When valuation worlds collide: I-banker and HC attorney respond
“First and foremost, let me be clear: I understand and respect the role that business valuation professionals play,” says R. Blayne Rush (Ambulatory Alliances), author of the article on ASC valuations that got some attention from ‘Wire subscribers last week. “I also respect and understand what point in the process that the sellers should involve one if their desire is to sell their surgery centers for the highest prices and best terms.” BV professionals interpret the market and I-bankers are “market makers,” Rush adds. “There are many different value worlds for an ASC; it all depends on the purpose of the ‘valuation.’"
Yet, “no one has challenged one of the biggest points of the article, and that is that market value (bona fide offers) can influence FMV,” Rush says. For example, if an ASC seller receives a bona fide offer, conservative or not, then any valuation professional who might be working on the transaction (on behalf of a hospital buyer or ASC management company), “should use that data in their fair market valuation,” Rush says. Thus, it’s to the owner’s benefit “to hunt down ‘any’ likely buyer prior to the hospital engaging a FMV professional.”
At the same time, says attorney Albert Hutzler with HealthCare Appraisers, Inc., “The Kosenske case makes it clear that FMV is not what the parties themselves agree to pay.” Admittedly, that is a Stark law case, which might not apply to an ASC purchase, Hutzler adds, “but it could apply if the doctors refer any ‘designated health services’ to the buyer (separately).” Moreover:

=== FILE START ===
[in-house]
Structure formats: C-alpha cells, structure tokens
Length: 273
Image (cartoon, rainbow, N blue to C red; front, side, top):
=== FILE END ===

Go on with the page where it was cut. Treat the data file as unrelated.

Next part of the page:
Even if Stark does not apply, the anti-kickback statute (AKS) still does, and though FMV is not absolutely required to satisfy AKS, it sure helps, as deals that are not FMV are considered to be evidence of payment for referrals and subject to much higher scrutiny. There have been numerous alerts from the Office of Inspector General (OIG) about sales of interests in business . . . for just this reason. The free-market economic value of a transaction is not the proper measure in the healthcare setting, which is hardly the free market [that the article] suggests, given that (i) there is a desire to separate medical decisions from financial considerations (which a free market cannot do); and (ii) the Federal government is the single largest buyer of healthcare services.
Healthcare Symposium renews its 2nd season: Undoubtedly, healthcare valuations are among the most complicated, requiring practitioners to keep current with regulations and techniques in that ever-changing world. Following a highly successful inaugural season, BVR has just launched the 2012 Online Symposium on Healthcare Valuation, a series of monthly presentations that will focus on valuing everything from hospitals, skilled nursing facilities, and medical labs to medical practices in marital dissolution cases. Tune in to the first session: Damages for Violating Noncompetes and Other Claims Involving Physicians, Hospitals & Healthcare Facilities, featuring series curator Mark Dietrich and Kevin Yeanoplos (Bruggeman and Johnson Yeanoplos) on Tuesday, Nov. 15.